By Immy Share
After enjoying a phone conservation with Councillor Dan Cohen, I message him to ask for a suitable photograph to go with this feature. He directs me to his Facebook profile or his official one on www.leeds.gov.uk – “I look fairly hideous in them all.”
Just after, he sends me what he says is a snap he took recently. When I open it, there – much to my surprise, and amusement – is a picture of Brad Pitt staring out at me.
So, for the record Dan – I can definitely see the resemblance! Twins separated at birth?
Councillor Dan Cohen was only a young child when he was taught the importance of community, community responsibility and using one’s economic wellbeing to support others.
Now, he prizes his community value as a Conservative Councillor for Alwoodley in Leeds, a role which he first took on nine years ago.
“I had an absolutely idyllic, supported, loved childhood. It was one that taught me the notion that we have an obligation to give to charity responsibly which was no different to me as a notion that in the morning you get up and brush your teeth.
“It was part of the fabric,” he adds.
The product of a stay-at-home mum and a dad who worked in the family hosiery business, Grammar School-boy Dan is a solicitor by profession and spent twenty years prior to his Councillor role as the head of legal for the family company which imported and distributed ladies’ tights.
His successful law degree at Northumbria University followed an incomplete Archaeology and Ancient History degree at Manchester University.
“It turned out that sitting on a muddy hillside in the pouring rain wasn’t quite for me!” he laughs.
But 47-year-old Dan doesn’t knock his attempt and assures me that whilst beginning an archaeology degree wasn’t overly sensible, there was value in the things he learnt whilst doing so.
“And because of that there’s nothing I’d say to my younger self.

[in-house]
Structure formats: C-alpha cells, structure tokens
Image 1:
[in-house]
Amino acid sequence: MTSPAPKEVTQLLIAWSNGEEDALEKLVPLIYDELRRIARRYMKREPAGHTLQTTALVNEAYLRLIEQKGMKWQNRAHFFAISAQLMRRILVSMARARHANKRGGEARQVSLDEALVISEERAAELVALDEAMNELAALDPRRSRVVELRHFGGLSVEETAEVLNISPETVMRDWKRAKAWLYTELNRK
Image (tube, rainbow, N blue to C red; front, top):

“We are all a product of good and bad choices we make and if you’re comfortable with where you are now you are a product of all those decisions.
“I’m blessed to be in the position that I am in pretty much every regard.”
Dan does remember, however, the sadness of losing a parent at a young age to skin cancer.
“There’s one thing I would say to myself actually and that’s a reminder of the importance of sun cream.
“Wear Factor 50!”
As a practising member of the Jewish community, Dan spends his weekends with his “idolised” family: his wife and four children with whom he observes Shabbat, attends the synagogue and enjoy meals with friends.
“Sundays with young children aren’t as calm as Shabbat though and they usually involve a lot of ferrying around!”
Dan’s Jewish faith and religion began his work in the community, having being involved as a youth worker and being the president of Street Lane gardens synagogue previously.
Now, Dan is still largely involved and is also the Chair of Governors and one of the Senior Governors at Brodetsky primary school, along with having helped set up the Leeds Jewish Free School.
These roles bear witness to his belief in the importance of education. “Jewish education is essential for the community as an insurance policy to ensure we have a viable community,” he says. “Without knowledge and knowledge of what the faith is about, the faith can’t survive.”
And, it was his initial involvement in the Jewish community that led Dan to his current Councillor role. “I wanted to do something not just for the Jewish community, but the wider community, to broaden that horizon.”
Dan had been involved as an activist for the Conservative party for some time, and in 2011 after someone else stepped down, he put his name forward amongst a group of people up for selection.
Dan does pay the price for his success, though. “I don’t have a huge amount of spare time and the spare time I do have is built with spending time with schools, acting as a governor and working with young people and that probably takes up about twenty hours a week.”
With the Coronavirus pandemic consuming Dan’s professional time further, he ensures that he is able to act as a signpost for people with different inquiries and concerns, spending his days at the moment juggling his work as a Councillor with his responsibilities as a parent and ensuring his children, ranging from aged five to twelve years old, have all they need to be home-schooled.
“Along with some virtual meetings, I’m acting as a salve for people’s fears to reassure them that we as a city and a government know what we are doing. Initially it was about there being a plan, and hoping that people would be able to trust that plan. But, as human nature, people are always going to question and challenge you.”
I’m sure Brad Pitt would agree.